November Fishing Report

Shoulder-season weather conditions prevailed over the past month, and fishing has continued to be erratic, in response.

Windy weather is making it a little more difficult to get out on a boat and sometimes not comfortable fishing from shore, either. Morning breezes have been very changeable, from all points of the compass but by the afternoon they have almost always swung around to the east, so sticking to the Bribie side of the Passage has usually been the better option.

La Nina is still waiting in the wings and is yet to make her appearance, and although we’ve seen those terrific storms in SE Qld, there have only been a couple of real bouts of rain over the Passage. Over the last week of October and again in early November, the change in barometric pressure before the storms managed to stir up a few species, including mangrove jacks, but the water temperature is still cool – a full degree below average at the moment. The chances of scoring a mangrove jack should increase as the water warms up, especially if those late afternoon storms keep coming through. Try around the north edge of Ningi Creek; they love to hang around the old oyster beds and mangroves in there – almost any paddle-tail soft-plastic lure will work but be ready to take control before the jack gets to cover.

Ningi Creek has been a handy sheltered spot for an afternoon’s fishing lately. There are plenty of big bream to be caught, too, often well over 30cm. Lois’ best was near the third green marker up the creek and Rachael and Torri had success there too. Prawns have consistently been the best bait for bream, although Bruce would dispute that. At 88, he tells me that he has fished up and down the coast all his life and hasn’t used regular bait for more than 40 years. This is his method:

“I soak uncooked rice in a little fish-oil – I just get one of those bottles of fish-attractant but anything will do. Then I cut up fresh white bread crusts into 2’’ pieces – I press a bread crust around my hook -toss a handful of rice into the water, then fish into the spot with my bread. Sometimes I’ll put three hooks onto my line and I’ll score a couple of bream at the same time – it never fails to catch bream!”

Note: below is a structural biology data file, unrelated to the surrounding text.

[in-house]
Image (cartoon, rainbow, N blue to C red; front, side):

Sand whiting are showing up through the Passage and even though it’s early, they are good sizes. Henry and his Dad got lucky, fishing from Sandstone Point but there are bigger numbers of them off the sandbanks at Banksia Beach.

The flathead have been sitting outside Ningi Creek, north and south of the yellow cross marker, but also around the Avon wreck and up at White Patch. Further north, Poverty Creek and the top end of Little Goat Island have yielded some good-sized flathead. Fred and his family took four flathead from White Patch – all about the 55cm mark, along with the inevitable companion flounder – prawns again the bait of the day. They also had a lovely snapper, caught with a gulp soft-plastic.

South of the bridge, Logan and Chris bagged out with snapper, just after the latest rain. They weren’t huge, around the 37cm mark, all of them tempted with live worms. Logan also put out four crabpots – not a single sand or mud crab, but a very pretty giant red hermit crab – with a shell about 15cm across!

Down at the jetty, it has been hit and miss all month. On a day when “not another thing was caught”, Nate did see a big, big grunter bream brought in with a soft-plastic lure. The wind often makes the difference at the jetty and early mornings have been the best time for fishing there lately, but no guarantees...

Further out, Richard says there are plenty of school mackerel around the south cardinal marker and off-shore from Woorim. November is a time to target surface-feeding schools of mackerel in the bay, and as the weather warms, a few spotted mackerel will show up among them. Lures of all kinds can be used but shiny ones work really well – the trick is to wind in fast -that will get the mackerel in the chase.

We see some very enthusiastic fishers around Bribie, but I reckon Nellie wears her love of fishing on her sleeve. Last week, she showed me her fish-ruler tattoo, which extends up her right arm, to make measuring her catch easy. Now that’s dedication!

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